At the onset,“FightFuckPray” announces that all the dialogue in the film was entirely improvised. That could be, but the three stories (titled “Fight,” “Fuck” and “Pray”) that eventually intersect must have at least been outlined and analyzed by the actors, a set of young amateurs from the Atlanta area who give impressively intense performances. According to imdb.com, the film was shot in 2000 and 2001 and then shelved until it was admitted to the Atlanta Film Festival in 2008. It can be bought on Amazon.com and the trailer can be viewed here.
“FightFuckPray” proclaims that it was inspired by John Cassavetes and the Dogme 95 school of filmmaking. That is evident in the handheld, shaky camera, which tends to burrow into the faces of the three principal, hopelessly isolated characters. But its portentous tone and unsympathetic, self-destructive characters reminded me more of “Short Cuts,” Robert Altman’s sprawling and bitter adaptation of several Raymond Carver short stories. Unlike “Short Cuts,” which made Los Angeles’ sweaty, culturally diverse neighborhoods seem endless in scope, the settings here are small and claustrophobic–a rooftop, beer-fueled reunion between a criminal just sprung from jail, his brother and his loose cannon friend; a lonely woman who is more or less stalking her ex at a local bar; and a malcontent who embarrasses himself at a jaded New Year’s Eve party. But the misanthropy on display is almost as jarring. The insular world that these characters find themselves in is alternately hostile and sexually depraved; either way, there’s no intimacy, no connection.
For a film written, directed by and starring many of the same people, “FightFuckPray” is astoundingly short on self-congratulatory theatrics. It has some mumblecore genre elements–whole scenes go by where the inarticulate characters barely say anything–but there’s more tension at its core, more sense that something violent and cathartic is about to happen. And it never seems forced that that catharsis happens at a New Year’s party, that dreaded time of year when the rejected watch the requited rejoice and feel nothing but disgust.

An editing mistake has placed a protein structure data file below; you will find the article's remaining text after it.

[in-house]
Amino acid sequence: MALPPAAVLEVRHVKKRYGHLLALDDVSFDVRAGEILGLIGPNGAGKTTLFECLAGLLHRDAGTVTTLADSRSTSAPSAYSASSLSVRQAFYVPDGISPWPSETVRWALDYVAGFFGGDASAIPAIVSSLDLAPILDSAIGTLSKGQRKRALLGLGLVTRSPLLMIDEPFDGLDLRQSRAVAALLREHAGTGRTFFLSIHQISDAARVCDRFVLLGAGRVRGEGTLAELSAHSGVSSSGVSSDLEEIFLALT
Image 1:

The most striking performers are Christina Kline, who plays Kate, the aforementioned stalker, and Conal Byrne, as Ben, the aforementioned ill-at-ease partygoer. Kate is first seen sobbing while babysitting for her undoubtedly more fulfilled friend; Ben, stuck in a dead-ended fish store job, is first seen spitting into a fish tank in disgust. When Ben’s more extroverted cousin and co-worker invites him to a party, he panics. He goes home and practices talking to girls in the mirror; when he starts describing his miserable job, he breaks down in a fit of rage. To settle down, he puts on a gas-mask and stares at a fish tank for hours, an inventively eerie sequence.
Meanwhile, Ethan (Darren Mann), is gearing himself up for a “boy’s night out” with his jailbird friend and friend’s brother–they informally plan some sort of low-stakes robbery–when he bumps smack into his ex Kate at a bar. The jailbird angrily confronts Kate, accusing her of stalking. Somehow Kate lets on to Ethan that she’s going to a party–the same one as Ben and his cousin–and despite warnings from his crew, Ethan is soon at the same party.
Ben and Kate are clearly soulmates but don’t know it yet. In an alarmingly well-done scene, Ben (who resembles a more unbalanced Andrew McCarthy) strikes out with two girls, desperately, angrily insisting that they listen to a lengthy, tiresome anecdote. His cousin harangues him, demanding they separate for the rest of the party. Mortified, Ben locks himself in the bathroom to regroup, but he’s ambushed by a sexually forward punk girl, who variously flirts with and emasculates him.
At the other end of the party, Kate experiences a very different brand of failed connection with several sleazy guys, who are either not charmed by her blunt, often explicit conversation, or discard her after instant gratification. Ben and Kate end up consoling each other in a private bedroom, but we know this isn’t going to end in a heartfelt fashion, what with violent, drunken ex-cons lurking about the party.
All of “FightFuckPray” is watchable and unsettling except for the rather inert third storyline, about a crazy woman’s dead husband. In a strangely solemn take on “Weekend at Bernie’s,” the woman finds him dead from an apparent heart attack but refuses to notify the police, instead cuddling with him, shaving him, and eventually propping him up on the living room sofa for a cozy New Year’s at home. We expect a Raymond Carver-esque, sinister outcome from this creepy vignette, but the way that story ties in to the others is haphazard and forced. Still, notwithstanding its attention-getting title and tacky tagline (“What do you do when life brings you to your knees?”), this is a very compelling film and should be distributed on Netflix.